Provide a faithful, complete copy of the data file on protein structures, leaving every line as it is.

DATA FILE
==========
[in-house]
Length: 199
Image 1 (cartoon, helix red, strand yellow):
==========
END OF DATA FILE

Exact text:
[in-house]
Length: 199
Image 1 (cartoon, helix red, strand yellow):